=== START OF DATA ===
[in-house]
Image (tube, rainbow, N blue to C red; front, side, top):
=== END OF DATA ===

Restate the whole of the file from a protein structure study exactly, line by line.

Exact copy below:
[in-house]
Image (tube, rainbow, N blue to C red; front, side, top):